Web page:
One Step Closer To The Matrix: Automated Learning Technology
Everyone remembers the famous scene from The Matrix where Neo is plugged into a machine that downloads information into his brain. When it finishes downloading, Neo’s eyes open, and he mutters, “I know kung fu.” While students everywhere wish it was that easy to learn, the technology to do so may be closer to reality than you think.
A team made up of American scientists from Boston University and Japanese scientists from ATR Commutational Neuroscience Laboratories in Kyoto says they may have created a way to easily imprint learning onto the brain using functional magnetic resonance imaging, or fMRI; feedback to make a person’s visual cortex match a specific set of brain patterns. These brain patterns allow a person to do high-performance tasks, such as hitting a curve ball or playing the piano, with very little conscious effort. The researchers themselves have even alluded to the fact that this method resembles the learning methods from the Matrix movie series!
How Does Automated Learning Work?
Here’s how it works. The system uses a feedback mechanism to compare two sets of fMRI images against each other. One set is the subject’s current visual cortex; the other set consists of images of the target brain state, such as the visual cortex of an accomplished pianist. As the software works, the subjects sits in front of a computer screen. They are shown visual feedback of these two brain states, showing the similarities between the two states and how closely they match.
Research Kazuhisa Shibata says the team examines specific visual feature-based patterns in the target brain and uses what they call “decoded fMRI neuro-feedback” to induce those brain patterns in the subject. The team then tests for pattern repetitions to see if they caused improvement. Over and over again, they found improvement in the subject being “learned.” The subject’s brain began to pick up on the new patterns and incorporate them. The result is a brand-new learning approach that offers quick, long-lasting improvement for visual performance tasks.
Study lead author Takeo Watanabe says that early visual areas in the adult brain still retain plasticity, making visual perceptual learning like this possible. The study builds on previous research that confirmed the correlation between early visual area changes and improved visual performance, but it wasn’t until now that any studies directly addressed the question: Are early visual areas plastic enough that they could cause visual perceptual learning? It turns out the answer is yes.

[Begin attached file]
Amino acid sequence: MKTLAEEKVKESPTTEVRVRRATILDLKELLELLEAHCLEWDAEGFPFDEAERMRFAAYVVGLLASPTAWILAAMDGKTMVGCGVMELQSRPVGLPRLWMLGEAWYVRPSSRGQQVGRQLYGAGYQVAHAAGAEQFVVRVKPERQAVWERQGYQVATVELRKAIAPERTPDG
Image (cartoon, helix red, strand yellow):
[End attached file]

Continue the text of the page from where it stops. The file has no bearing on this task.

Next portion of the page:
Perhaps the most intriguing fact, Watanabe notes, is that this method worked even when subjects did not know what they were “learning.” When they tested this, the subject was not presented with any expectations of the feature to be learned, but the behavioral data still showed visual performance improvement after the neurofeedback training. The brain did its work without requiring a conscious effort on the subject’s behalf. The subject didn’t even have to pay attention to the visual feedback being shown for the brain to start making the necessary pattern adjustments.
Still a Long Way to Go
While it’s easy to theorize about ways this technology could be used in the future, the researchers are wary of over-hyping its potential. There are many tests still left to run to determine whether it works on other types of learning besides visual learning, and they want to make sure the method is never used in any way that might be considered unethical.
The team does acknowledge that there is no reason the neurofeedback method could not be used for memory, motor, and rehabilitation. The rehabilitative possibilities in particular are enormous. Should this method prove successful in that area, patients with impairments due to certain types of brain damage could potentially be able to regain some of their lost brain functions. That type of technology is still not something we have access to yet, but with studies like this happening, it could happen a lot sooner than we think.
Brandon Serna writes on topics related to education, technology, and entertainment. This article was written on behalf of Westwood College, which encourages (non-automated) learning by offering a wide variety of online degrees and career training programs.